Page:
Jurors to resume deliberating fate of 13-year-old murder defendant Monday
November 12, 1999
From staff and wire reports
PONTIAC, Michigan (CNN) -- Jurors deciding the fate of 13-year-old murder defendant Nathaniel Abraham adjourned after a second day of deliberations Friday.
For the families of the young suspect and his 18-year-old victim, it meant another weekend of waiting for the verdict. Deliberations were to resume Monday.
"Nathaniel Abraham was able to engage in organized planning and goal-oriented activity," Oakland County assistant prosecutor Lisa Halushka said in her closing argument. "We're left sitting with the realization that this 11-year-old could kill."
Halushka cited evidence that Abraham told the female friend ahead of time that he was planning to shoot someone, practiced his aim on stationary targets, shot Greene and bragged about it the next day.
"Do we ignore those facts and the law simply because of the age of the person who intentionally took that life?" Halushka asked the jury.
Jurors deliberated for 90 minutes on Wednesday and had Thursday off for Veterans Day.
Defense: Shooting was accidental
Abraham is believed to be among the youngest people in the United States to be charged with first-degree murder and tried as an adult. He could face life in prison if convicted.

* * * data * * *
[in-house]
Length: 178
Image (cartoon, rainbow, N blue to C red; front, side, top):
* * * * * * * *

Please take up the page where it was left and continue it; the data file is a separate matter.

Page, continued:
Prosecutors contended he intentionally shot Greene outside a Pontiac, Michigan, convenience store on October 29, 1997.
The defense says it was an accident. Lawyers for Abraham say the bullet that killed Greene ricocheted while Abraham was shooting at trees.
In his closing argument, defense attorney Geoffrey Fieger accused the prosecution of twisting the evidence to justify an adult first-degree murder case. He called on jurors to stop what he called the continuing brutalization of Abraham.
"Do you understand they charged this child and for two years they brutalized him?" Fieger asked.
"It's quite clear it's a terrible accident, and then I said, `Oh, my God. Oh, my God. What have they done, what have they done,'" Fieger said, speaking in a near-whisper. "I assumed they would never try to falsely accuse a little boy of doing something."
Prosecutors not expected to seek maximum sentence
Fieger called five psychologists and psychiatrists to back up his argument that Abraham was incapable of planning a murder.
"In the world of psychiatry today, there is no doctor ... who could say that an 11-year-old, with a 6-year-old's mentality, could form criminal intent," Fieger said.
Besides first-degree murder, Abraham also is charged with assault with intent to commit murder and two felony firearms counts.
If convicted of first- or second-degree murder, he could be sentenced to life in prison. But prosecutors have said they won't seek the maximum punishment.
Detroit Bureau Chief Ed Garsten contributed to this report.
Prosecutor: Boy, 11, bragged he'd kill, then did
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